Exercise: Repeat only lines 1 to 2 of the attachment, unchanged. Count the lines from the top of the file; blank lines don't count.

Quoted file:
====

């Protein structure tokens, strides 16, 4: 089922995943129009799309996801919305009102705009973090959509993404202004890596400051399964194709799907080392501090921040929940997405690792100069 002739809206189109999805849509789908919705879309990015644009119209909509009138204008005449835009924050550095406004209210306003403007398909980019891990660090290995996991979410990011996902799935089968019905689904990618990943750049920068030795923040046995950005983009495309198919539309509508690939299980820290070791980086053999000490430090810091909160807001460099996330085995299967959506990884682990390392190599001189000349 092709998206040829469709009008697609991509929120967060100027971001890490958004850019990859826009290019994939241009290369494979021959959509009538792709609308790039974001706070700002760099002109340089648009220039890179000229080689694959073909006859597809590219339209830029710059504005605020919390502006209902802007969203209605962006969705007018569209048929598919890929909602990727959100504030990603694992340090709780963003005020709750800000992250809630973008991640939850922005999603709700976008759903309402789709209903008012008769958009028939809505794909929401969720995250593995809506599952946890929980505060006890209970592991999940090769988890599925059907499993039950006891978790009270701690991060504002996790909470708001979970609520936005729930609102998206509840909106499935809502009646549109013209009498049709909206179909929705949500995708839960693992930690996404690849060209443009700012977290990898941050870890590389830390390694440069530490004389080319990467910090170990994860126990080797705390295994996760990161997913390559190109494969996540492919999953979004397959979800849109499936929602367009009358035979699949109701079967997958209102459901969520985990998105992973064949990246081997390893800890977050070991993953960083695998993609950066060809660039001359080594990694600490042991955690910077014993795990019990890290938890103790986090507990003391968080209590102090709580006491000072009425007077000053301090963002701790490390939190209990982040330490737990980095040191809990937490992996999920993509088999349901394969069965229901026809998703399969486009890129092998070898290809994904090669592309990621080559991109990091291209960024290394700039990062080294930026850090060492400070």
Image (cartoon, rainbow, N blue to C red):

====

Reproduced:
């Protein structure tokens, strides 16, 4: 089922995943129009799309996801919305009102705009973090959509993404202004890596400051399964194709799907080392501090921040929940997405690792100069 002739809206189109999805849509789908919705879309990015644009119209909509009138204008005449835009924050550095406004209210306003403007398909980019891990660090290995996991979410990011996902799935089968019905689904990618990943750049920068030795923040046995950005983009495309198919539309509508690939299980820290070791980086053999000490430090810091909160807001460099996330085995299967959506990884682990390392190599001189000349 092709998206040829469709009008697609991509929120967060100027971001890490958004850019990859826009290019994939241009290369494979021959959509009538792709609308790039974001706070700002760099002109340089648009220039890179000229080689694959073909006859597809590219339209830029710059504005605020919390502006209902802007969203209605962006969705007018569209048929598919890929909602990727959100504030990603694992340090709780963003005020709750800000992250809630973008991640939850922005999603709700976008759903309402789709209903008012008769958009028939809505794909929401969720995250593995809506599952946890929980505060006890209970592991999940090769988890599925059907499993039950006891978790009270701690991060504002996790909470708001979970609520936005729930609102998206509840909106499935809502009646549109013209009498049709909206179909929705949500995708839960693992930690996404690849060209443009700012977290990898941050870890590389830390390694440069530490004389080319990467910090170990994860126990080797705390295994996760990161997913390559190109494969996540492919999953979004397959979800849109499936929602367009009358035979699949109701079967997958209102459901969520985990998105992973064949990246081997390893800890977050070991993953960083695998993609950066060809660039001359080594990694600490042991955690910077014993795990019990890290938890103790986090507990003391968080209590102090709580006491000072009425007077000053301090963002701790490390939190209990982040330490737990980095040191809990937490992996999920993509088999349901394969069965229901026809998703399969486009890129092998070898290809994904090669592309990621080559991109990091291209960024290394700039990062080294930026850090060492400070």
Image (cartoon, rainbow, N blue to C red):